|Lot Myrick Morrill|
|Lot M. Morrill|
28th Governor of Maine
January 6, 1858 – January 2, 1861
|Preceded by||Joseph H. Williams|
|Succeeded by||Israel Washburn, Jr.|
January 17, 1861 – March 3, 1869
October 30, 1869 – July 7, 1876
|Preceded by||Hannibal Hamlin|
William P. Fessenden
|Succeeded by||Hannibal Hamlin|
James G. Blaine
July 7, 1876 – March 9, 1877
|President||Ulysses S. Grant|
|Preceded by||Benjamin Bristow|
|Succeeded by||John Sherman|
|Born||May 3, 1813|
|Died||January 10, 1883 (aged 69)|
|Alma mater||Waterville College|
He was born in Belgrade, Maine, to Peaslee and Nancy (Macomber) Morrill, and studied law at Waterville College, now Colby College. His older brother Anson P. Morrill was also a prominent U.S. statesman.
A member of the Republican party, he served in the Maine State Senate from 1854 until 1856, and was elected Governor of Maine in 1858. (His brother Anson P. Morrill also served as Maine's governor.) He served in that office until 1861 when he was elected to the U.S. Senate to replace Hannibal Hamlin, who had left his seat to become Abraham Lincoln's running mate. He served in the Senate from 1861 until 1869 and then appointed to fill the vacancy caused by the death of William Pitt Fessenden and re-elected to the post, for another stint of service from 1869 to 1876. In the Senate he was the first chairman of the U.S. Senate Committee on Appropriations. He was also chairman of the U.S. Senate Committee to Audit and Control the Contingent Expense (38th and 39th Congresses), U.S. Senate Committee on the District of Columbia (39th Congress), the Committee on Appropriations (40th, 41st, 43rd and 44th Congresses) and the U.S. Senate Committee on the Library (41st and 42nd Congresses).
Morrill came into the U.S. Senate at a pivotal moment in history. In 1861, shortly after the outbreak of hostility, he argued strongly against compromise on the principles of slavery (via Constitutional Amendments) in order to restore the peace. By the end of the war, he argued against punishing the southern states for the rebellion, and in favor of higher education for people of all races.
He was then appointed Treasury Secretary and served from 1876 to 1877 under President Grant and for five days under Rutherford B. Hayes. Following his term in the Grant Administration, he returned to Maine and became Collector of Customs for the Port of Portland, Maine.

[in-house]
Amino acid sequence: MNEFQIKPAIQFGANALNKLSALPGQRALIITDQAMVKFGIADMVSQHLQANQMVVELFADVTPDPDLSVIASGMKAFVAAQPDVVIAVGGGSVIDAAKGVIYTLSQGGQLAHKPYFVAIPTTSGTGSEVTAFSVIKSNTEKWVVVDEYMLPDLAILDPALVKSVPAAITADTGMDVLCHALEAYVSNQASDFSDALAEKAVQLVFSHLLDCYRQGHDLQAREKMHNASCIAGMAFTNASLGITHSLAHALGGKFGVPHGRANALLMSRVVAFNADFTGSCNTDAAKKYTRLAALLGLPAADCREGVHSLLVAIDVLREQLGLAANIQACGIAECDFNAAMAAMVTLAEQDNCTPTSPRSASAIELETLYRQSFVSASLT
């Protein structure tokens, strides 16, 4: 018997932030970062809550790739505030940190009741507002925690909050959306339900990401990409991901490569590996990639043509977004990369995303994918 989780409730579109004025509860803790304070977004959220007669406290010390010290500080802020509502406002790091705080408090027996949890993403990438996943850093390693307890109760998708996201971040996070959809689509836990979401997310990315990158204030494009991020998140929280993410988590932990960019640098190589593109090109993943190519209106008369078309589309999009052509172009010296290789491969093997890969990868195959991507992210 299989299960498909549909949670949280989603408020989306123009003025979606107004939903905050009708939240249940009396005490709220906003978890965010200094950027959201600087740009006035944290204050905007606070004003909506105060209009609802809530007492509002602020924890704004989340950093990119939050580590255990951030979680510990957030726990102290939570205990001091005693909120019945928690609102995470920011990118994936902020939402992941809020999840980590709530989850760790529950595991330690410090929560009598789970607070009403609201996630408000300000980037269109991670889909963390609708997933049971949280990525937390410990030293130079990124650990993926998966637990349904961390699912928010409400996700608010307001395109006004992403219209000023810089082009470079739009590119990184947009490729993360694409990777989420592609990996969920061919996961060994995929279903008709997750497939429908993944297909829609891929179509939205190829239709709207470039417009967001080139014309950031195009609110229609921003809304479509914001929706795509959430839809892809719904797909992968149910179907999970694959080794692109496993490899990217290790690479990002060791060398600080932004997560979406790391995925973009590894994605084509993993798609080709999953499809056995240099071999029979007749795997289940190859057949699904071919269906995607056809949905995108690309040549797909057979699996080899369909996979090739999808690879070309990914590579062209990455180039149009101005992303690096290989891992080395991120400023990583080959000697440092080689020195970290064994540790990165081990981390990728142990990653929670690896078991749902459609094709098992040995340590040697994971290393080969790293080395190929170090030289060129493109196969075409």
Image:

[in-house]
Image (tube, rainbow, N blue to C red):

He died in Augusta, Maine, leaving his wife Charlotte and four daughters, and is interred at Forest Grove Cemetery in that city.
Famous Quotes by Senator Morrill[edit | edit source]
Speech in Congress, February 1, 1866:
"I admit that this species of legislation [Civil Rights Act of 1866] is absolutely revolutionary. But are we not in the midst of a revolution? Is the Senator from Kentucky utterly oblivious to the grand results of four years of war? Are we not in the midst of a civil and political revolution which has changed the fundamental principles of our government in some respects? ... There was a civilization based on servitude.... Where is that? ... Gone forever.... We have revolutionized this Constitution of ours to that extent and every substantial change in the fundamental constitution of a country is a revolution.
Notes[edit | edit source]
- Biographical encyclopedia of Maine of the nineteenth century (Boston: Metropolitan Pub. and Engraving Co., 1882)
References[edit | edit source]
- Lot M. Morrill at the Biographical Directory of the United States Congress Retrieved on 2009-5-13
- Treasury biography
|- style="text-align: center;"
|width="30%" align="center" rowspan="1"|Preceded by
Joseph H. Williams |width="40%" style="text-align: center;" rowspan="1"|Governor of Maine
1858–1861 |width="30%" align="center" rowspan="1"| Succeeded by
Israel Washburn, Jr. |- Template:U.S. Secretary box |- ! colspan="3" style="background: #cccccc" | United States Senate Template:U.S. Senator box Template:U.S. Senator box |} Template:USSecTreas Template:USSenME Template:Governors of Maine